Your question: What does clere mean in place names?

Clere is a name of unknown origins, possibly PrW, meaning ‘bright’.

Why do place names end in Ton?

Ton: This word ending, that remains very familiar today, was used to describe a settlement. A name ending in ton refers to a farmstead or village. Wich, wych or wick: This relates to some sort of specialised farm, and turns up in places like Droitwich, Nantwich, and also the Aldwych in London.

What does chipping mean in English place names?

Chipping is a prefix used in a number of place names in England, probably derived from ceapen, an Old English word meaning ‘market’, although the meaning may alternatively derive from (or via) the Medieval English word chepynge, meaning ‘long market square’. It was sometimes historically spelled Chepying.

What does bury mean at the end of a place name?

Towns and Villages

Anglo Saxon Word Meaning Examples of place name
bury fortified place Banbury Shaftesbury
ford shallow river crossing Stamford
ham village Birmingham
hamm (a different way of spelling of ham) enclosure within the bend of a river’ Southhampton Buckingham
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What does ham in a place name mean?

The village of HAM in Gloucestershire—as well as the “ham” found at the end of countless place names like Birmingham and Nottingham—is derived from a widely-used Old English word, hamm, for a town or farmstead, or else an enclosure or otherwise isolated or enclosed area of land, like a hill or an area of land …

What does much mean in place names?

Those who stayed in England were gradually assimilated, rather like the name of the town we start our drive in, Much Wenlock. It gets its Much is from Anglo-Saxon mycel, meaning ‘great’ or ‘much’. Wenlock comes from Celtic wininicas, ‘white area’, and the Anglo-Saxon loca, ‘place’.

What does worth mean in place names?

The word worth, meaning a defined possession or estate, is found in many place-names such as Tamworth and Kenilworth; and the termination worthy, the Anglo-Saxon weorthig, means a protected or “warded” place.

What is the chipping?

Chipping(noun) the act or process of cutting or breaking off small pieces, as in dressing iron with a chisel, or reducing a timber or block of stone to shape. Chipping(noun) the breaking off in small pieces of the edges of potter’s ware, porcelain, etc.

What does Don mean in place names?

The suffix ‘don’ can come from what means either ‘valley’ (from OE), ‘hill’ or ‘down’ (from Celtic) or even ‘fort’ (as a prefix from Celtic). So depending on your particular town, look around and if you’re in a lower area, it comes from one kind of name, but a low flat top grassy hill another, and a steep hill another.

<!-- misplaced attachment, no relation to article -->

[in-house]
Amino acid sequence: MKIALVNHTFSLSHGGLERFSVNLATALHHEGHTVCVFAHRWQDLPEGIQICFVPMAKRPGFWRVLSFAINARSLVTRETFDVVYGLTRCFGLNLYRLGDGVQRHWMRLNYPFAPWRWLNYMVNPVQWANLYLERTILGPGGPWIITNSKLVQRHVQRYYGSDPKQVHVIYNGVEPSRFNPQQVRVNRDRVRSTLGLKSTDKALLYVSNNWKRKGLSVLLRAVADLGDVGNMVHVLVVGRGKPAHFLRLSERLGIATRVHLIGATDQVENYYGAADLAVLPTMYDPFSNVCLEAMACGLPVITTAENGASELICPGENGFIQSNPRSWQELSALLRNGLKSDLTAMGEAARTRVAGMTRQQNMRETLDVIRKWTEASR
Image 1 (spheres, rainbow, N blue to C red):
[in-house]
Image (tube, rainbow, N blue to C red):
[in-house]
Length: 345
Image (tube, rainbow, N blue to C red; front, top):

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What does hoe mean in town names?

Similarly, “hoh”, or “hoe” as it has become here, refers to a heel or protruding piece of land. The village of Fingringhoe is set on a small bend in the river, possibly the heel of land that the name refers to. The bodily reference is continued with “Fingr”, which means finger.

Why do English towns end in Bury?

The geographical use of “-bury” and “Bury” is derived from burg or burh, Old English for a town or fortified place, while the verb “bury” comes from byrgan, an Old English verb meaning to raise a mound, cover, or inter.

Why is Town pronounced ton?

Etymology. From Middle English -ton, -tone, -tune, from Old English -tūn, derived from Old English tūn (“town”).

What does Shire mean in place names?

As a suffix in an English or Welsh place name, it is in most regions pronounced, or sometimes. In Britain, “shire” is the original term for what is usually known as a county; the word county having been introduced at the Norman Conquest of England. The two are synonymous.

What does Ham mean?

a : a showy performer especially : an actor performing in an exaggerated theatrical style. b : someone who enjoys performing and who tends to behave in an exaggerated or playful way when people are watching A bit of a ham, she’s been collecting these one-liners for decades.—

What is a Habitative place name?

Compound English habitative names typically end with an element indicating a human settlement. The two most common Old English elements of this type are tun “enclosure, farmstead, village, manor, estate” (Mills, p. 384) and ham “homestead, village, manor, estate” (Mills, p. 381).

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How are locations named?

Place names in the US are easily traceable to their origins since most of the places are named after their founders or politicians at the time. … Most of the streets and avenues of the main cities and towns around the world are also named after prominent people in that city or town.

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